Simulating the effects of poverty on the race disparity in postneonatal mortality

T. A. LaVeist

Research output: Contribution to journalArticle

Abstract

The U.S. postneonatal mortality rate has declined from over 60 postneonatal deaths per 1,000 live births at the turn of the century to below 4 deaths in 1987. It is generally accepted that this impressive decline is due to improvements in the general standard of living throughout the twentieth century. However, efforts to reduce the race differential in postneonatal mortality have been less successful. Black postneonatal mortality rates have been roughly double the white rate since race-specific data has been collected. This paper examines the degree to which the substantial race disparities in postneonatal mortality are a function of race disparities in the prevalence of poverty. The analysis specifies a race-specific model of postneonatal mortality. The model is then manipulated to allow for a simulation of the impact of reducing black poverty on the postneonatal mortality race disparity. It is concluded that racial postneonatal mortality differentials may be addressed by remedies which need not be explicitly medical intervention (e.g. effective policy that reduces disparities in socioeconomic status).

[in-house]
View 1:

Original languageEnglish (US)
Pages (from-to)463-473
Number of pages11
JournalJournal of Public Health Policy
Volume11
Issue number4
DOIs
StatePublished - 1990

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Infant Mortality
Poverty
mortality
poverty
death
Mortality
Live Birth
standard of living
Social Class
remedies
social status
twentieth century
simulation

ASJC Scopus subject areas

  • Nursing(all)
  • Public Health, Environmental and Occupational Health
  • Health(social science)
  • Health Professions(all)

Cite this

Simulating the effects of poverty on the race disparity in postneonatal mortality. / LaVeist, T. A.

In: Journal of Public Health Policy, Vol. 11, No. 4, 1990, p. 463-473.

Research output: Contribution to journalArticle

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